OK Boomers, Let’s do It

by Sandy Burgham

In January I wrote a post encouraging you to choose a word for the year, a theme that anchors the year and keeps you focused on a particular shift that is calling. It seemed to strike a chord with people, many of whom have shared with me their ‘word of the year’ that came to them during a period of contemplation. These words range from ‘soft’ and ‘discipline’ to the intriguing ‘tone’ and ‘surface’. Each word means something to the owner and serves to get them back on the path when life sends them off-course.

This month, I am stepping it up a notch and wanting to consider a ‘theme of the decade’. We are now well into the new millennium — it’s almost a shock to consider that we are in the ‘20s. A century ago, the western world, led by the USA, was embarking on a heady ride to modernity fueled by jazz, booze, technology, economic growth and new gender dynamics. While it was all to come crashing down on one black Tuesday in 1929, for a long time the ‘Roaring Twenties’ represented an era of optimistic change.

One hundred years later we seem far from optimistic. While there is a lot to be proud of in the world, the creeping orange skies that eerie day in January reminds us that any advances in humankind are set in a cataclysmic context which seem to beyond an individual’s sphere of influence. Or are they?

The ‘theme of the decade’ is different from ‘word of the year’ in that I am pondering a theme that is not just about the individual — but how they play in the world, and, importantly, how they might contribute to making it a better place.

This idea of choosing a deliberate decade theme from the outset was inspired by a colleague who noted that most decade themes are created retrospectively or even at the height of an era, versus being an intentional beginning. For instance, no-one said in 1920: “Let’s make this the Roaring Twenties.”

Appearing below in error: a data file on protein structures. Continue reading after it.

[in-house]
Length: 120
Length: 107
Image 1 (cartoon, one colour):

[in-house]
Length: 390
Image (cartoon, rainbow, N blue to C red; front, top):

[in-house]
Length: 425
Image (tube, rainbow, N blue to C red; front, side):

But what if we raised the stakes, and became intentional about what this decade could be about? A theme of the decade needs to be both meaningful and inspiring. A ‘Decade of Climate Action,’ as much as we need it, sounds serious and overwhelming. The ‘Decade of Mindfulness’? Again, while
needed, it seems too passive in light of what’s going on in the world.

My colleague had been inspired by a talk she attended by a social insights researcher who boldly dubbed the 2020s as the ‘Decade of Doing’. This doing-ness is, and will continue to be, fuelled by a subset of millennials and Gen Z (that some call Generation Do) who are already rising up to challenge outdated modes of doing things, with direct action. I have long been a huge admirer of groups like Generation Zero, a youth-led organisation who have taken positive action to be part of the conversation on civic matters such as housing and transport, and now climate change and carbon pollution. And I am as admiring of Greta Thunberg, standing for what she believes in, as I am fascinated by the hordes of white male baby boomers who want to shut her down — why? So we can continue to follow their lead, which got us into this mess in the first place?

Aside from active protest, my belief is that these younger generations will bring on societal change by voting with their wallets and influencing with their consumer choices and new behaviours. When my daughter announced her veganism last May, which was a personal action to put her money where her mouth is and acknowledge climate change, I admit to some inward eye-rolling. Now, through her quiet resolve, the meat consumption in our household has probably reduced by at least 75 per cent.

I was toying with a ‘Decade of Radical Recycling’ or ‘Conscious Consumerism’ but there is something about the simple idea of the ‘Decade of Doing’ that really resonates. It forces a conversation about action, rather than mere opinion. Already it has made me look past my garden variety fear and laziness to say yes to a new venture that looks at social change more closely, as well as to commit to a research project on a subject that I feel needs to be explored and shared. So ok, boomer, how about you? What are you going to DO in this decade that is different from the last decade — and how might this make the world (versus your fabulous lifestyle) a better place?

This article was originally published in the March 2020 issue of The Hobson Magazine.